Studies Of Multisensory Integration In Human Cortex

In the past few years there have been a number of studies exploring the neural bases of multisensory integration in human cortex. Initially, such studies utilized event-related potential (ERP) recording techniques in which the averaged responses of thousands of neurons are recorded from surface electrodes on the scalp. The temporal resolution of ERP recordings is excellent (events can be measured in milliseconds) and can easily be combined with conventional behavioral or perceptual measures in order to examine the covariance between changes in behavior/perception and neural activity. One of the surprising results of these studies is the finding that activity in primary sensory cortex (e.g., auditory) can be modulated by

"nonappropriate" sensory stimuli (e.g., visual), an observation that questions the accepted dogma that each primary sensory cortex is responsive only to a single sensory modality. It also confirms some early observations (that were largely ignored) from singleneuron studies in animals suggesting that some of the neurons in primary sensory cortex are not modality specific and can, in fact, be activated by stimuli from other sensory modalities.

ERP studies have also identified presumptive poly-sensory cortices in humans. The changes in human brain activity that are induced by multisensory stimuli have also been associated with an increased response accuracy and reaction speed to these stimuli. Unfortunately, the spatial resolution of the ERP technique is not sufficient to allow researchers to identify the specific sulci and gyri that are involved in these processes.

It is in specifying the locus of evoked activity in the human brain that functional imaging techniques have had their greatest impact, because they have centimeter or subcentimeter resolution. Two imaging techniques, both of which utilize changes in cerebral blood flow to assess neural activity, have become quite popular in studies of multisensory integration: positron emission tomography (PET) and functional magnetic resonance imaging (fMRI). These techniques have confirmed the ERP observation that the activity in primary visual and auditory cortices can be modulated by other sensory stimuli, and they have also identified specific regions of cortex that are devoted to processing multisensory stimuli, including right insulaclaustrum, left basal posterior temporal lobe, and the medial inferior parietal lobe. Recently, fMRI techniques have strongly suggested that multi-sensory integration in human cortex is subject to some of the same rules of multisensory integration that have been demonstrated at the single-neuron level in the midbrain and cortex of animals. Thus, superadditive response enhancement (Fig. 7) was obtained in the left superior temporal sulcus when the visual signal (lip movements) matched the auditory signal (heard speech), whereas responses became subadditive when the lips and the heard signal were mismatched.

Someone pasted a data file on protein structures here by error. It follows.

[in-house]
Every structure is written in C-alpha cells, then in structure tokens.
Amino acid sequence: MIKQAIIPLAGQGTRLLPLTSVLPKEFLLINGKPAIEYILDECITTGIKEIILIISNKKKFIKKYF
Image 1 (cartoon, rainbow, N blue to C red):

Surprisingly, these imaging studies have demonstrated that primary sensory cortex is subject to a remarkable degree of developmental plasticity. Blind or deaf individuals have their denervated cortices "taken over" by other sensory modalities. Thus, for example, disrupting the activity of visual cortex in a blind subject via transcranial magnetic stimulation

Figure 7 (Top) A magnetic resonance image (MRI) of multi-sensory enhancement in the human brain. An illustration of a horizontal section through the brain is shown. The white area (double-headed arrow) is a region of activation as measured by functional MRI (i.e., increased blood flow). The region is located in the ventral bank of the left superior temporal sulcus and is known to be involved in speech perception. Its response to a cross-modal (visual-auditory) stimulus combination exceeded that predicted by the sum of the individual modality-specific responses. The area is also illustrated on an image of the whole brain. (reprinted from Curr. Biol. 10, Calvert et al., 649-657, copyright 2000, with permission from Elsevier Science).

Figure 7 (Top) A magnetic resonance image (MRI) of multi-sensory enhancement in the human brain. An illustration of a horizontal section through the brain is shown. The white area (double-headed arrow) is a region of activation as measured by functional MRI (i.e., increased blood flow). The region is located in the ventral bank of the left superior temporal sulcus and is known to be involved in speech perception. Its response to a cross-modal (visual-auditory) stimulus combination exceeded that predicted by the sum of the individual modality-specific responses. The area is also illustrated on an image of the whole brain. (reprinted from Curr. Biol. 10, Calvert et al., 649-657, copyright 2000, with permission from Elsevier Science).

interferes with the subject's ability to read Braille. Apparently, the absence of visual input allowed visual cortex to capture some of the normal functions of somatosensory cortex, thereby expanding the brain tissue devoted to processing information from the body. Similar changes in the brain are likely to accompany damage to each of the senses. Nevertheless, whether blind or deaf people are actually better at using the information they process in their remaining senses than are normal individuals remains a controversial issue.

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